• In The Hitchhiker's Guide to the Galaxy, when Arthur Dent and Ford Prefect find themselves aboard the starship Heart of Gold, Ford comments "I think this ship's brand new, Arthur." Arthur replies "How can you tell? Have you got some exotic device for measuring the age of metal?" "No," Ford says, "I just found this sales brochure lying on the floor."

    Live-Action TV 
  • In an episode of Alien Nation, a Newcomer is killed in the opener by being tossed into the ocean. It's explained later that seawater is like acid to the Tenctonese. The victim's body is unrecognizable, but the detectives are immediately told his identity. When Sikes asks how they managed to do that given the damage to the body, he's immediately shown the victim's wallet, which is wet but otherwise fine. After all, just because seawater dissolves the body doesn't mean it suddenly does that to his clothes and property.
  • In one episode of Bones, Hodgins identifies the clothes a victim was wearing as having come from a church thrift store. Cam and Zack are dumbfounded that he is able to do that until he rips out a label from the clothing and shows it to them.
  • Buffy the Vampire Slayer:
    • Played With: Drusilla discusses a vision that she's had, and while she probably did get the information with her powers, Spike reveals that he has a more cogent source for the same information:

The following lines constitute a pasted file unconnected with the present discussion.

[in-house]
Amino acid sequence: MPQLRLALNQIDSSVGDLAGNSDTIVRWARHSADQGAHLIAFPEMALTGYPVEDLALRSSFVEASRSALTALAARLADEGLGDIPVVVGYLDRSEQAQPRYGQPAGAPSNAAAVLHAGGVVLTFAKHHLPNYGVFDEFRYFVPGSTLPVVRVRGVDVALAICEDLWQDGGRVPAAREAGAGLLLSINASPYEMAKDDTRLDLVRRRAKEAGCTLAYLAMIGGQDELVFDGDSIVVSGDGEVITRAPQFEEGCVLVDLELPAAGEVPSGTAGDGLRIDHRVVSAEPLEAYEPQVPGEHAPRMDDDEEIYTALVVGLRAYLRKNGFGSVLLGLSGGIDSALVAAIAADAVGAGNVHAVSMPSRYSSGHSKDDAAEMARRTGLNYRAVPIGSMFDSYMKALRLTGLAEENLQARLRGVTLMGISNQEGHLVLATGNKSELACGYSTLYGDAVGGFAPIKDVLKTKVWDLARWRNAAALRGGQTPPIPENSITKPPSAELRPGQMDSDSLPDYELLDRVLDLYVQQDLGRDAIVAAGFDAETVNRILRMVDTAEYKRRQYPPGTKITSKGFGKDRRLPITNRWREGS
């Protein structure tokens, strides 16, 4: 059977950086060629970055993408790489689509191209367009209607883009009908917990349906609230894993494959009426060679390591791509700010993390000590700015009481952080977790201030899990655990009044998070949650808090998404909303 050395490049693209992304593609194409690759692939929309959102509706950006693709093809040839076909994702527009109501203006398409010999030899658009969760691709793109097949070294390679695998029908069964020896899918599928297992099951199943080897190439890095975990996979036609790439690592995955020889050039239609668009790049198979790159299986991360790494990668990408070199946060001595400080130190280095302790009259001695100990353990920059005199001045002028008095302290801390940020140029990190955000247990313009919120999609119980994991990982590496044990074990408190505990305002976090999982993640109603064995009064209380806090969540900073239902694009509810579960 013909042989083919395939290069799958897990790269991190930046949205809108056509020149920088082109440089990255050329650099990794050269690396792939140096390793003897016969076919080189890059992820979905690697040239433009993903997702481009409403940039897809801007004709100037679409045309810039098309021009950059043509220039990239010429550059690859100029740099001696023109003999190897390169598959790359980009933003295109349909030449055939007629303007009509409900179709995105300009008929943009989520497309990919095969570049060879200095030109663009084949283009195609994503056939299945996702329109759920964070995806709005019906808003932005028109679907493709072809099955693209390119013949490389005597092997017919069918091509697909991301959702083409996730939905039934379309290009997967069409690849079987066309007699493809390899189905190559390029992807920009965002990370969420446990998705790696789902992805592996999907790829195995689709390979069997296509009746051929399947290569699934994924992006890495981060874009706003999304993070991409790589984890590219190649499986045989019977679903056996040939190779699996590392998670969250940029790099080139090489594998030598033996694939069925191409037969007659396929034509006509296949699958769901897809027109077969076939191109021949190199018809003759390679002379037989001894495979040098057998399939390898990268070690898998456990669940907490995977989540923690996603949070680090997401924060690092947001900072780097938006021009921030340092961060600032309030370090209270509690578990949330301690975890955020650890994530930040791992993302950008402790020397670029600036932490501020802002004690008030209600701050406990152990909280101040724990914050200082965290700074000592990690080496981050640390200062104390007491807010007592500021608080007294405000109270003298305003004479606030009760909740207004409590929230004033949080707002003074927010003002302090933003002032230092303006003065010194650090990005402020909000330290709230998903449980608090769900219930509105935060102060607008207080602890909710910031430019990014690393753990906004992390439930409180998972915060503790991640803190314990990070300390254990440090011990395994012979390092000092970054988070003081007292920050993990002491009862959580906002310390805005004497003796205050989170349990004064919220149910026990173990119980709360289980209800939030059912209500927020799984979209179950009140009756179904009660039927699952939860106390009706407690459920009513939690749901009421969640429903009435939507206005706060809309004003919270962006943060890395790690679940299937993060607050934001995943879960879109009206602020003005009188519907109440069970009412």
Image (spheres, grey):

Angelus: You can see all that in your head?
      Spike: No, you ninny. She read it in the morning paper.
    • In a somewhat similar example: in the final episode, Angel is able to guess that Buffy and Spike have grown closer because he can smell him on her. Later, Spike says that he knows that she and Angel kissed; she assumes it's from the scent, but he sarcastically replies that no, he saw them with his vampire eyeballs.
  • CSI: Miami:
    • In "Dude, Where’s My Groom?", Ryan and Walter discover a stolen painting hidden underneath a valueless one. Walter, who studied art history, is trying to identify it from style and colour choice. He says that it could be a Cézanne, or someone from the Fauvism movement:
      Ryan: It's a Matisse.
      Walter: You studied the French masters, too?
      Ryan: No, it's signed.
    • In "By the Book", the crew is examining a bizarre crime scene. Dr. Tom Loman is examining the corpse when Ryan tells him that they don't have an ID yet. Tom casually says that she is Andrea Edison. Ryan looks amazed and asks Tom how he knows. Tom calmly replied that he found her ferry pass in her pocket and hands it over to Ryan.